I certainly hope you've never considered your politics in those terms on your own. I think if you had you'd likely not conclude that some other citizen doesn't have as much right as you to "your" parks and libraries due to their misfortune of being poor.


Now, there is an excellent point to be made (and which has been made) that even the Bible states that those who refuse to work should not eat. But let's keep in mind the context of that statement shall we?
For you yourselves know how ye ought to follow us, for we did not behave disorderly among you; neither did we eat any man’s bread for naught, but wrought with labor and travail night and day, that we might not be chargeable to any of you, not because we have not power, but to make ourselves an example unto you to follow us. For even when we were with you, this we commanded you: that if any would not work, neither should he eat. -- 2 Thessalonians 3:7-10
Note that this refers to a personal commitment to work for one's own keep. It is a role model providing an example, and I'll further talk about obligation, below. However, this verse assuredly does not command withholding charity for any reason.  Now I'm going to reproduce a statement from the discussion here verbatim because it's important that you know where the advice comes from.
"One of my best friends is formerly "homeless" and his first words in these conversations is that you shouldn't give to most of them. He's a devout Christian and one of the most compassionate people I've ever met. He will tell you that those whom he and others scammed were simply enabling him to remain in destruction."
I don't disagree. I simply warn against the dangers of reading that and overgeneralizing.

I've written on the subject of Charity in this blog before [Jan 16, 2010: Charity]. In that post I describe a case where my wife and I took in people with the understanding that they could stay with us for six months, paying no bills, buying no food, so long as they get a job and save the money. That way, at the end of the six months they would have a first and last month's rent, security deposit, and enough to get utilities turned on, with a small cushion beside. And they were not allowed to pay us back. They must in the future help someone else in need, and likewise ask nothing in return.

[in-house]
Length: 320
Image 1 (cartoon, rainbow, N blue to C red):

One thing I sort of quickly skim over there is that we've taken in a number of individuals; however, that's not entirely without conditions:
  1. Our help is predicated on your active involvement: looking for work and working, and helping out when you're not. 
  2. If hanging out with a bad crowd got you where you are, give 'em up. I can't pick your friends, but I can choose who I allow on my property, so dysfunctional influences are strictly verboten. 
  3. Save your money, no fooling. This is a limited-time opportunity to turn your life around. That doesn't mean no movies or dates. That would be silly and beyond reasonable bounds. But if you're being a spendthrift and living with us for free, then we're being taken advantage of, and we won't stand for that.
Our track record of success is four out of five, meaning that of the five people we've attempted to help, four of them saved their money, got jobs, got back on their feet and are now paying taxes and rent, etc. I think eighty percent is a pretty good success rate. The fifth one is the only one who wouldn't give up her "friends". She landed right back where she was and when she wanted to come back the answer was "No. You know how to do this, but now you have to do it without us." 

This habit of ours has admittedly helped but few people. But it has helped them thoroughly. And it has crossed my mind more times than I can count that there are many, many more times the number of fortunate people in this country than homeless. If everybody wanted to do what we did for even one homeless person, not all would be able to, because there aren't enough homeless to go around.

I'm going to reproduce part of what I wrote, because it cannot be said enough.